I think there’s room for an in between ending. One in which the ka-tet settles down in Mid-world and leave Roland to get to the tower by himself. Sure, the cycle starts all over for Roland, but by then the beams are safe, and the world is no longer moving on. Roland still needs the tower, but after Algul Siento the tower no longer needs Roland. Even though it won’t be ever after, the ka-tet can still live and be happy in that version of Mid-world.

I can certainly see that happen in a future cycle, one in which Roland was, for example, NOT willing to leave Jake to die, and has therefore learned that sacrificing those he holds dear to complete his quest will bring nothing but pain.

But in the cycle we’re reading? No.

That brings up interesting questions about how the quest would go in such a cycle. Unlike the deaths in the last book which don’t seem to be needed to move the plot forward, Jake’s second death does seem necessary to move things forward. What happens if Roland saves him? Do they still meet The Man in Black? If they do, when Roland ages 10 years after the long palaver, does Jake do the same? How do Jake (now around 21 instead 11 in this hypothetical cycle) and Eddie get along being that they will both be about the same age rather than the older brother / younger brother relationship they actually had? All kinds of things change, and it would make for an interesting quest to speculate about.

Or if you go into a different NY, perhaps it’s one where King wasn’t hit by the van or finished the series in the 80s-mid-90s. What would that cycle look like compared to the one we got?

I realllllllly disliked the final 3 books the first time I read them. I just recently reread them and I liked them a lot better, especially Wolves, but I was disappointed. Plus while Patrick was certainly integral to the finish, it felt like it was built up even more in Insomnia than it actually ended up. That could have just been me, as I really loved Insomnia.

I’m going to regret this:

My takeaway is, sometime before the first book, Roland was killed (probably dishonorably) and spent a seven book trek through Hell and all the fun things that would entail. My reason for this thought: when Roland ascends the Tower, he encounters highly personal experiences, which the Tower – being a machine – would have no reason to be generating. Wouldn’t the ultimate Hell be attaining your loftiest goal only to be told Sorry, chump, start again, exit here? Maybe his next trip through Hell is a complete replay of the entire seven books which he may/may not remember and just be damned to repeat. Maybe he’ll have some knowledge of his previous jaunt and that will affect things in an even worse way. So many maybes – Hell is fun that way, innit?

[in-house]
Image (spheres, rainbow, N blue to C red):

Roland himself is odd compared to all the other characters, even the Tower itself. Everyone / everything seems to have their twinner, even the Tower taking the form of a rose in our world. Everything and everyone, that is, except Roland himself. It’s almost like he’s a demigod or force of nature of some sort rather than a person (which is the reason I find myself not caring if Roland himself has a happy ending or not). Like Walter says when drawing the cards for his fortune, “death gunslinger, but not for you” and then “life gunslinger, but not for you.” He won’t die, but is he truly living?

Did-a-chick? :wink:

Exactly :stuck_out_tongue_winking_eye:. He can die, he just won’t, because there’s no story without him.

In one of the books, Roland, I think, says gunslingers don’t get happy endings. When Susanne makes her way into the next world, she finds that her revolver is usless and tosses it into the trash. She finds some happiness once she stops being a gunslinger.

I’ve interpreted the entirety of the story as the Tower manipulating Roland and company to repair what needs repairing. The Tower rewards Susanna by giving her a happy ending, but still has work for Roland. In Roland’s next adventure, maybe he’ll end up helping the Bear find a cure for whatever infection he has with an entirely different set of companions. Maybe Roland’s destined to never finish his quest, and will forever be doing the bidding of the Tower.

Right. That’s why I think it’s possible for the others to retire from the life of gunslinging after Algul Siento, assuming a little better luck (OK, after Dandelo and Mordred, but that’s a formality). Leave off on the quest for the tower, retire from the gunslinging, find a nice little corner of Mid-world to settle down in, and let Roland walk that last mile by himself.

If the whole restarting the cycle is a problem, there’s an elegant way around that. The door at the top of the tower that says Roland can open up at the doorstep of the new home that Eddie, Susannah, Jake, and Oy are building rather than back in the middle of the Mohaine desert.